Customer service, stakeholder engagement, post-recession ethics, supply chain management. The October edition of Ethical Corporation magazine covers them all. Detailed analysis of the following companies is included: Adidas, Nike, Timberland, Ecover, Kimberly Clark, Royal Bank of Scotland, Arcelor Mittal, John Lewis, Vodafone, Procter & Gamble, Ikea, L'Oreal and more...

Here's an overview of what's covered in October's issue of our print magazine:

News analysis of: Desertec's solar project, Australia's climate bill, The new European Commission, and Norway's oil fund

Features in the October 2009 issue include:

Corporate responsibility after the recession: what your future looks like

• What the board wants from you and your corporate responsibility department in the next three years.
• Review of major trends in corporate sustainability since the credit crunch.
• Why the doomsayers were wrong to write off corporate responsibility.
• How to ensure you emerge stronger than ever as the economy recovers.

Customer service: how to manage your biggest reputational risk
• Why there appears to be no link between good corporate responsibility and strong customer service – and how to change it.
• A look at how companies report on customer satisfaction and how far CR teams are involved in this process.
• The benefits of delegation: how to empower staff who are in direct contact with customers to make decisions, and how to make this happen in your company.
• Why a good reputation for sustainability – tackling climate change, supply chain ethics etc – might cause some companies to overlook the bread and butter of good business, such as spending money on customer service.

Stakeholder engagement: from consultation to collaboration
• Analysis of the new Cranfield how-to guide on engagement
• How to get the most from your dealings with stakeholders and turn these into your best form of market research.
• How to transfer knowledge gained from stakeholder engagement to other business functions in your company

Supply chain management: raw materials
• Adidas, Nike, Timberland are stopping sourcing leather from the Amazon because of concerns about deforestation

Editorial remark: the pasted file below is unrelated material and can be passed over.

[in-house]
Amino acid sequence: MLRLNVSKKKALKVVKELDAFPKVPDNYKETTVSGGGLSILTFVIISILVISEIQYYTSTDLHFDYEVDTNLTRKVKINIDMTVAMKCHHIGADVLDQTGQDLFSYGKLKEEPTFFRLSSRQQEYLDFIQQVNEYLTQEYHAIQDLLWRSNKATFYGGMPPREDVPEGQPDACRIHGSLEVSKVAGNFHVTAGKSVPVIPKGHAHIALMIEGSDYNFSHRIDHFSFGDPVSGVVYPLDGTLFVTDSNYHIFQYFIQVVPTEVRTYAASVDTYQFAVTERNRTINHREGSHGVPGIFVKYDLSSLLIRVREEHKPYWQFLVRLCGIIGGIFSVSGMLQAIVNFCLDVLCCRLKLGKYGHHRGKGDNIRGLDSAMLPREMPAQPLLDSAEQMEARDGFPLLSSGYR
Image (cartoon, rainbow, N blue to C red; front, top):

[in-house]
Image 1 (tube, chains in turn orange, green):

• Find out which companies are taking a truly comprehensive approach to their supply chain by managing ethical risks at the raw material stage.
• Profile of electronic companies looking at metals mining; supermarkets looking at farming; clothes retailers looking at cotton; shoemakers looking at leather.
• See how to drive change several steps down your supply chain, and how to collaborate to do it.

The Big interview: Mick Bremans
The CEO of Ecover explains what makes him and his brand tick.

Strategy and management:

Kimberly-Clark: Going greener
After an epic four-year battle with Greenpeace, the world’s biggest tissue maker has pledged to join forces with the campaigner to conserve forests. Kimberly-Clark has pledged to stop sourcing wood fibre from Canada’s Boreal Forest that is not certified as sustainable. In return, Greenpeace has promised to stop its “Kleercut” campaign against the makers of Kleenex. We find out what happened to change the company’s approach.

Royal Bank of Scotland: turning crisis into opportunity
Andrew Cave, sustainability director, explains how RBS has adapted its sustainability work as a result of the financial crisis. He reveals how the bank’s sustainability agenda has become much more focused on core business; how the sustainability team has been involved in managing job cuts; why corporate responsibility is set to emerge from the current economic crisis healthier, and more authentic; and how being partly state-owned adds a new dimension to the bank’s responsibilities to society.

ArcelorMittal: stepping up to the plate
The world’s biggest steel company has its critics. A common complaint is that the world’s largest steel company, formed in 2006 when Mittal Steel acquired Areclor, is more focused on aggressive expansion than on corporate responsibility. The industry is one of the biggest polluters in the world but has been slow to address its climate impacts. What’s more, ArcelorMittal operates in some difficult emerging markets where it faces severe health and safety and corruption risks. A lot of these problems are not of the company’s own making. But some say it could be much more proactive about addressing them. In an exclusive interview with Ethical Corporation, the company’s corporate responsibility team reveals the scale of the challenges they face and how they are working to create a responsible business culture within the steel giant.

Climate strategy and management

John Lewis Partnership: How the UK retailer seeks to rival Marks & Spencer as a green leader.

Procter & Gamble: How the consumer goods giant is adapting existing products, and creating new ones, to meet green sales goals.

Plus...our regular columnists Paul French, Mallen Baker, Peter Knight, Giles Gibbons and of course, Greenwasher.

Our review section this month includes analysis of L’Oreal and Ikea's sustainability reports, a new book on the 'green' recovery, our round up of other new books and useful papers, and our People on the move section.

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